The very first shot of Arnaud Desplechin’s film Un conte de Noël (A Christmas Tale, 2008) is of an old photograph with a family album with its crenellated edges, resting against a row of worn books on a mantel within a family home. It shows another empty forest park with a path leading to woods. This may simply be one of those superficial affinities, though in the context of Krisár’s sculptural work, deeper involvements may be lurking. (Does Tolstoy’s truism about unhappy families bear repeating?) The film portrays a family with strained relationships reuniting over the news of the mother’s bone cancer. As the story unfolds, it turns out the person best suited to save the mother is her eldest son, her least favorite and the black sheep of the family, banished years before by the sister for reasons that never come to light (perhaps the first shot, like Hiding the Hidden, thematizes this family secret). As it happens, the least compatible pair in life is the most compatible at the cellular level. The operation, however, is a risky one and chances are that the mother’s body will not take well to her son’s marrow in the often very real medical complication of Graft-versus-host disease (gvhd). Performing the Derridian contaminations involved in hospitality, host, and hostility, gvhd sets in when transplanted marrow recognizes its host’s cells as foreign bodies deserving of immunological attack. As such, a war ensues from inside between an overprotective savior and a savee who gets consumed in the very act of being saved.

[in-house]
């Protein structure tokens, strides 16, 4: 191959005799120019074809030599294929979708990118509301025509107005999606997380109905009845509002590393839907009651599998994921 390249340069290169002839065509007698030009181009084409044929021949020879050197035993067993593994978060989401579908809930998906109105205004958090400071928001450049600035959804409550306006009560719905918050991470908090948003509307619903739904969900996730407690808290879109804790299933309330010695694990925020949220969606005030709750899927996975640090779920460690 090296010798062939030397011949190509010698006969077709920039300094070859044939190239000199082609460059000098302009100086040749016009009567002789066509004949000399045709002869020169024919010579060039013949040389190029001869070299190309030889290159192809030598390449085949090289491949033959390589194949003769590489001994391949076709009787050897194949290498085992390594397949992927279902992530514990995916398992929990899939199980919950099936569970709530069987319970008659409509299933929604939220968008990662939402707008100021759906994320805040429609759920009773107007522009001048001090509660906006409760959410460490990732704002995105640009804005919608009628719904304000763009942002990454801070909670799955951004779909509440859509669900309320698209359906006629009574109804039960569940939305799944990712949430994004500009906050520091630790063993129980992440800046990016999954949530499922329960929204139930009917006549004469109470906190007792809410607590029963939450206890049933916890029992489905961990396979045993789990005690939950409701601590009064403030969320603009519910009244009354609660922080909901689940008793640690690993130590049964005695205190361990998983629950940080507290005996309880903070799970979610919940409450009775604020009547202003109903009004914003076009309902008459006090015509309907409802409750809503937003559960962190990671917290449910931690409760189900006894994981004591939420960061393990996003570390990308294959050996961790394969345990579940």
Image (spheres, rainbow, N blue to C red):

In a violent and incisive way, Krisár’s Bomb Suit (2006–07) — an Explosive Ordnance Device (eod) bomb suit that the artist detonated with explosives in a remote Swedish forest from inside the suit — alludes to the helplessness of protecting ourselves from what’s already gotten in, which can be anything from the traumas of psychic projection, transference, displacement, and the whole gamut of emotional violence to which we’re suscepted from childhood onward, to the psychosomatic disturbances at cerebral levels: lesions, missing serotonin, autoimmune disease, and the whole lineup of monstrous intruders that do their damage from the insides of our bodies. Again, the mother might be here, but she’s not the key, nor the only one.